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How to Use
the Readings


Inquiry Question

Historical Context


Reading 1
Reading 2



Table of

Determining the Facts

Reading 3: The Commonwealth of Puerto Rico

During the 19th century, most of Spain's New World colonies revolted and gained their independence. By the 1890s, the only remnants of the once far flung Spanish empire were Cuba and Puerto Rico. When a revolution in Cuba sparked the Spanish American War, a United States naval flotilla bombarded San Juan. This May 1898 barrage caused no great damage, and there was no further United States military action against the city.

Two months later, however, Gen. Nelson Miles landed American troops on the southern coast of Puerto Rico. As his troops were advancing through the outskirts of San Juan, the United States and Spain signed an armistice bringing fighting to an end. On October 18th, the American forces under Gen. John R. Brooke took formal possession of Puerto Rico.

The Treaty of Paris (1898), which officially ended the war, established the San Juan Military Reservation. An Act of Congress in 1903 then reserved it for military use. In World War I, the American military used Puerto Rico much as the Spanish had: it served as an outpost against threats to U.S. shipping, in this case through the newly-built Panama Canal. Other parts of the fort were adapted to new uses, as old bunkers and batteries were modernized and El Morro became part of the sprawling administrative, housing, and hospital complex. Changes continued during World War II. The United States army added coastal defense observation posts and hidden command and communication centers within both El Morro and San Cristóbal; these blocky concrete additions can still be seen. In 1943, the installation was officially designated Fort Brooke in honor of Major General Brooke, who was the island's first American governor.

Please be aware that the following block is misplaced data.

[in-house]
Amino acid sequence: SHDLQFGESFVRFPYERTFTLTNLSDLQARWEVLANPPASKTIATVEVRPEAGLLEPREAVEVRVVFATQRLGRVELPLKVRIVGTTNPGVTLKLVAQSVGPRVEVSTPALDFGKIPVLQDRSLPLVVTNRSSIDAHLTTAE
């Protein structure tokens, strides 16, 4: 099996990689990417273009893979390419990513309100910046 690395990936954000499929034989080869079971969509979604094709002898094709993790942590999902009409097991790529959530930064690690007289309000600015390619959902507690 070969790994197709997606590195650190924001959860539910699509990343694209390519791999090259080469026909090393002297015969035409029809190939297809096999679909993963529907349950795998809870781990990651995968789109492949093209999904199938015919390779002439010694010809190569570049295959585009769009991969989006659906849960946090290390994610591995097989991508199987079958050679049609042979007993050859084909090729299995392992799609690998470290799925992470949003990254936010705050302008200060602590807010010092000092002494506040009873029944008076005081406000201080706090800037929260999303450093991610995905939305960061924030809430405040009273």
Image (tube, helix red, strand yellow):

The status of Puerto Rico also was changing. By the Jones Act of 1917, Puerto Rico had become an incorporated territory of the United States. The territory received partial self government in 1947, when its residents received the right to elect their own governor. They wrote their own constitution and began electing a non voting Congressman to represent them in Washington, D.C. Today, the people of the Commonwealth of Puerto Rico are U.S. citizens, but they are unable to vote in presidential elections.

After World War II, the American military decided it no longer needed all of Fort Brooke. On February 14, 1949, El Morro, San Cristóbal, El Cañuelo, the gate of San Juan, and most of the city wall became San Juan National Historic Site, which is administered by the National Park Service. Old San Juan retains many elements of colonial times, such as cobblestone paving, inner patios and courtyards, overhanging balconies, and religious shrines. Its most impressive features remain, as they have for 400 years, the old fortifications that once guarded the city. They now attract more than two million sightseers to America's jewel in the Caribbean. Their historical importance is perhaps best illustrated by their designation as a United Nations World Heritage Site—a place with exceptional and universal cultural value.

Questions for Reading 3

1. How did Puerto Rico become part of the United States?

2. How were the old Spanish fortifications used during World War 11?

3. How did the National Park Service obtain several of the fortified sites?

Reading 3 was adapted from The Forts of Old San Juan (Washington, D.C: U.S. Department of the Interior, National Park Service).


Comments or Questions

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